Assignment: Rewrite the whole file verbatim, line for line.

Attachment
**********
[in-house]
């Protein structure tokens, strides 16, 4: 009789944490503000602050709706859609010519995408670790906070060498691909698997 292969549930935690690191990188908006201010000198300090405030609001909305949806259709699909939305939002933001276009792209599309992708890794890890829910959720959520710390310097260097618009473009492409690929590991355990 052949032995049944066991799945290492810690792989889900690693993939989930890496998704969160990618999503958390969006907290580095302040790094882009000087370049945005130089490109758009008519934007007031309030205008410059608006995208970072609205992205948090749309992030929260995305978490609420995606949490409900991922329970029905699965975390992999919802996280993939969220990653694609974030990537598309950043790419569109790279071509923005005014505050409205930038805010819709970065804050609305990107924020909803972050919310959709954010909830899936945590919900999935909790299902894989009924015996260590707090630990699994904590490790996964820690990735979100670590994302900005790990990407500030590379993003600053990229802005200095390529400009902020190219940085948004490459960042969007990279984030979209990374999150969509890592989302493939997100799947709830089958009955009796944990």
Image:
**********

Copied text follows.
[in-house]
């Protein structure tokens, strides 16, 4: 009789944490503000602050709706859609010519995408670790906070060498691909698997 292969549930935690690191990188908006201010000198300090405030609001909305949806259709699909939305939002933001276009792209599309992708890794890890829910959720959520710390310097260097618009473009492409690929590991355990 052949032995049944066991799945290492810690792989889900690693993939989930890496998704969160990618999503958390969006907290580095302040790094882009000087370049945005130089490109758009008519934007007031309030205008410059608006995208970072609205992205948090749309992030929260995305978490609420995606949490409900991922329970029905699965975390992999919802996280993939969220990653694609974030990537598309950043790419569109790279071509923005005014505050409205930038805010819709970065804050609305990107924020909803972050919310959709954010909830899936945590919900999935909790299902894989009924015996260590707090630990699994904590490790996964820690990735979100670590994302900005790990990407500030590379993003600053990229802005200095390529400009902020190219940085948004490459960042969007990279984030979209990374999150969509890592989302493939997100799947709830089958009955009796944990």
Image: